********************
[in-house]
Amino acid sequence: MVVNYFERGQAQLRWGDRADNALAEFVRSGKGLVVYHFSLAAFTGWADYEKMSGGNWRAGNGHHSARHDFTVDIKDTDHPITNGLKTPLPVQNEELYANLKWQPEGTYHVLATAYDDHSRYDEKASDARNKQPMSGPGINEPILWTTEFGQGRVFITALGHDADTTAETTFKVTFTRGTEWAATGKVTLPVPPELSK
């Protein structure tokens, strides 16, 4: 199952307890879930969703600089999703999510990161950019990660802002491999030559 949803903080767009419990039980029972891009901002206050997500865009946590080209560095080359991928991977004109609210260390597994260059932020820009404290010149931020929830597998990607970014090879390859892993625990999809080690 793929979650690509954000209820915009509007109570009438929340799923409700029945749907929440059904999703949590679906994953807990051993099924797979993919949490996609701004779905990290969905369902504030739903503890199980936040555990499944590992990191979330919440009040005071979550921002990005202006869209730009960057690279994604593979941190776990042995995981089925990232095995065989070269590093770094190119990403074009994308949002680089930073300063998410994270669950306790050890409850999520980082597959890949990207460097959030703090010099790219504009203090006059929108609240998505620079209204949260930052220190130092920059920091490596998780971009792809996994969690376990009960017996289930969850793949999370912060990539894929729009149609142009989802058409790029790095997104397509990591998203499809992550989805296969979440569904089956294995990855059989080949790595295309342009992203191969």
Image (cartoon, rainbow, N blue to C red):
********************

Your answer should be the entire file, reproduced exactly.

[in-house]
Amino acid sequence: MVVNYFERGQAQLRWGDRADNALAEFVRSGKGLVVYHFSLAAFTGWADYEKMSGGNWRAGNGHHSARHDFTVDIKDTDHPITNGLKTPLPVQNEELYANLKWQPEGTYHVLATAYDDHSRYDEKASDARNKQPMSGPGINEPILWTTEFGQGRVFITALGHDADTTAETTFKVTFTRGTEWAATGKVTLPVPPELSK
């Protein structure tokens, strides 16, 4: 199952307890879930969703600089999703999510990161950019990660802002491999030559 949803903080767009419990039980029972891009901002206050997500865009946590080209560095080359991928991977004109609210260390597994260059932020820009404290010149931020929830597998990607970014090879390859892993625990999809080690 793929979650690509954000209820915009509007109570009438929340799923409700029945749907929440059904999703949590679906994953807990051993099924797979993919949490996609701004779905990290969905369902504030739903503890199980936040555990499944590992990191979330919440009040005071979550921002990005202006869209730009960057690279994604593979941190776990042995995981089925990232095995065989070269590093770094190119990403074009994308949002680089930073300063998410994270669950306790050890409850999520980082597959890949990207460097959030703090010099790219504009203090006059929108609240998505620079209204949260930052220190130092920059920091490596998780971009792809996994969690376990009960017996289930969850793949999370912060990539894929729009149609142009989802058409790029790095997104397509990591998203499809992550989805296969979440569904089956294995990855059989080949790595295309342009992203191969």
Image (cartoon, rainbow, N blue to C red):